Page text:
Are you looking to buy your first welding machine? Have you bought a welding machine before but it disappointed you in one way or the other? Your troubles are about to end. Today, we’re going to be discussing some serious questions about how to buy welding machines online, so that you always get the right machine for your workflow. Whether you’re keen on just figuring out the average welding machine price online or have important concerns such as servicing and condition (typical in the case of used equipment), we’ll help you ask all the tough but very necessary questions.
- What is the duration of usage?
When looking at welding machines for sale online or wherever else, the price will almost certainly play a huge role in your decision, right? But, welding machine price is a consideration that should be secondary to the duration of usage. For example, a welding machine may bear a slightly higher price than another one, but the more expensive option may provide a longer duration of usage. This saves you money in terms of servicing or getting a replacement.
Now, the duration of usage might not be that big of a concern if you’re keen on just fulfilling short-term goals. That said, you want to make sure that you’ll get enough service out of the machinery to at least cover the purchase expense. Preferably though, a good ROI would be a welding machine to generate income before it gives out. Always ask about the machine’s duration of usage. You can confirm the information the seller gives at the manufacturer’s website.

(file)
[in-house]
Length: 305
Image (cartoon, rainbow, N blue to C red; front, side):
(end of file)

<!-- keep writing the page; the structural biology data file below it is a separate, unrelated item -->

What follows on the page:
- What is the nature of the welding work?
This is a question to pose both to the seller and yourself. Different welding machines are ideal for different purposes. The one you’ll go with largely depends on the nature of your workflow, namely, you’ll want to think about factors such as:
- The type of materials you’re going to work with
- What welding methods or technology you need or have a preference for
- The intensity of the work
- Gauge thickness and so on
The short of it is that your workflow’s unique needs will dictate what type of welding machine you’ll go with. If you have a light-duty workflow, for example, a multipurpose welder can get the job done. They offer great versatility. Then again, they may not be the best at heavy-duty welding, which may necessitate more dedicated or specialized machines.
- How long is the warranty period?
Most welding machines require annual servicing but that’s usually covered by a warranty for the most part. Any brand you go for will have a warranty, no doubt, so the key differentiator is the length. The longer the warranty duration, the better.
Beyond the warranty period, you also want to read the fine print in terms of warranty conditions. Most manufacturers or sellers will readily tell you that a machine has a long warranty period but they will leave out important warranty details if you don’t ask about it.